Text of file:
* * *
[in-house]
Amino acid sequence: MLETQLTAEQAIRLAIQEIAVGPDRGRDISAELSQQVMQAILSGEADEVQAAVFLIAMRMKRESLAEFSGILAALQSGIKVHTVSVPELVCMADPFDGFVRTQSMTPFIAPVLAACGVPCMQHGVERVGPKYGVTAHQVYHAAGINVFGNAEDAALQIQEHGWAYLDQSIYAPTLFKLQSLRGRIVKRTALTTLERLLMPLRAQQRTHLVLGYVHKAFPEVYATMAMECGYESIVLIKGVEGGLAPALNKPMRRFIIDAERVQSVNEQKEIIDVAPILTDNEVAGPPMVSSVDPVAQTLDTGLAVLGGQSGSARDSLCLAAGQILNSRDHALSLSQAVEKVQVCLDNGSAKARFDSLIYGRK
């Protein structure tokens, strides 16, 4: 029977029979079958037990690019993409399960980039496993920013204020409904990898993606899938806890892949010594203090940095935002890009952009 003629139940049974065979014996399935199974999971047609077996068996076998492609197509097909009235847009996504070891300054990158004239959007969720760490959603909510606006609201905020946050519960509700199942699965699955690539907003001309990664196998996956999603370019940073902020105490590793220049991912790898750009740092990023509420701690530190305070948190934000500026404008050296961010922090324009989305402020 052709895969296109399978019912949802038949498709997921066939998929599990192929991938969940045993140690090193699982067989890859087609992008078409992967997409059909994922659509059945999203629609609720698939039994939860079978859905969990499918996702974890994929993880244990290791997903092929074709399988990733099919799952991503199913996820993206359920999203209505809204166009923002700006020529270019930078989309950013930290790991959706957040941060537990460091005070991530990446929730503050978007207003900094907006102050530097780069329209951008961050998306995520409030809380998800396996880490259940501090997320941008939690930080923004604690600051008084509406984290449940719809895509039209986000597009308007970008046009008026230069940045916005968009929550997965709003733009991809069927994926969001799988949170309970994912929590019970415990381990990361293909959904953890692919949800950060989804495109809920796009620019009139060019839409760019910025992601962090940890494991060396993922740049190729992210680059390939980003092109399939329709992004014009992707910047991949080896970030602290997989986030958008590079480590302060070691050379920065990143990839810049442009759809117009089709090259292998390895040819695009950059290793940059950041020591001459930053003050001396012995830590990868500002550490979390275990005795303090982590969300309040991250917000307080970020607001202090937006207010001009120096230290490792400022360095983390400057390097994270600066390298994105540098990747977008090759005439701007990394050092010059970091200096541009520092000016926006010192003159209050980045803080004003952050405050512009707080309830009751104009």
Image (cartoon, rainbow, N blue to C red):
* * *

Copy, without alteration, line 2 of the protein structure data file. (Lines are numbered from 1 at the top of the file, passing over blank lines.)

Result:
Amino acid sequence: MLETQLTAEQAIRLAIQEIAVGPDRGRDISAELSQQVMQAILSGEADEVQAAVFLIAMRMKRESLAEFSGILAALQSGIKVHTVSVPELVCMADPFDGFVRTQSMTPFIAPVLAACGVPCMQHGVERVGPKYGVTAHQVYHAAGINVFGNAEDAALQIQEHGWAYLDQSIYAPTLFKLQSLRGRIVKRTALTTLERLLMPLRAQQRTHLVLGYVHKAFPEVYATMAMECGYESIVLIKGVEGGLAPALNKPMRRFIIDAERVQSVNEQKEIIDVAPILTDNEVAGPPMVSSVDPVAQTLDTGLAVLGGQSGSARDSLCLAAGQILNSRDHALSLSQAVEKVQVCLDNGSAKARFDSLIYGRK